Another slate of grants from the EPA posted in September offers an estimated $4 million to work with the agency and provide it with technical assistance using indigenous knowledge approaches, according to the database. Grant applicants are evaluated based on how well they ensure “community involvement, centered community challenges, lived experiences, and/or indigenous knowledge in their work from conception to dissemination,” with grant proposals expected to “incorporate qualitative data such as community voices, alternative sources of knowledge, indigenous knowledge (IK) and lived experiences as components of the overall picture.”

The EPA also offered an estimated $5 million in April to improve the water quality in the San Francisco Bay, according to the database. The agency listed “technical trainings and outreach programs to increase use of indigenous knowledge in the environmental field” as among its priority projects, and applicants were told their performance would be measured based on how well they integrated indigenous knowledge into their efforts, according to the grant document.

The Centers for Disease Control and Prevention made an estimated $18.75 million available in August for applicants to apply “Indigenous knowledge methods,” alongside other approaches, as part of a program intended to test experimental methods of reducing drug overdose, the document showed. (RELATED: Biden Admin Hosted ‘Indigenous Knowledge’ Seminars That Warned Scientists About ‘Disrespecting’ Spirits: REPORT)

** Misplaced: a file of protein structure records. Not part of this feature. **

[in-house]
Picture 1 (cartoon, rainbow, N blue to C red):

Two grants from the Department of the Interior (DOI), posted in June 2022 and June 2023 and totaling an estimated $700,000, asked grantees to propose programs to promote the preservation of North American Sea Ducks in a way that integrates “Indigenous Knowledge” to inform “broad questions about sea duck ecology.”

Another grant from the DOI for an estimated $550,000 was offered in June 2022 to “better understand the potential impacts that BOEM-approved actions may have on submerged cultural landforms” and asks applicants to “prepare a final report of summarized findings that respectfully incorporates indigenous knowledge,” according to the database.

The Department of Agriculture (DOA) offered an estimated $15 million in August as part of its “Conservation Innovation Grants” program, according to its document. One of the accepted subject areas for prospective grants is titled “Strengthening Conservation through Indigenous Knowledge” and asks that applicants come up with novel conservation strategies rooted in Indigenous knowledge.

The DOA allocated an estimated $3.9 million in August 2021 to support agricultural research, with grantees expected to “value traditional and indigenous knowledge.”

The Department of Defense offered an estimated $30 million in June “to help manage and sustain Department of Defense (DoD) land in the United States” while “improving consultation and coordination with Indian Tribal Governments and inclusion of Indigenous Knowledge in management programs,” the document reads.

The 2022 memo from the Biden administration ordered agencies to “recognize and, as appropriate, apply Indigenous Knowledge in decision making, research, and [their] policies.” It also instructed agencies to consult with Indian spiritual leaders and not to assume that indigenous knowledge is incorrect when “Western” science contradicts it, accusing science of being a tool of oppression.

“When I start hearing things about how there’s this other dimension where, you know, the animals interact with humans at a different level of reality, that’s just not a thing,” City University professor and biologist Massimo Pigliucci told the Washington Free Beacon in reference to their reporting on indigenous knowledge. “You can believe that and you have the right to believe it but it’s not empirical evidence.”

None of the agencies mentioned above responded to the DCNF’s request for comment.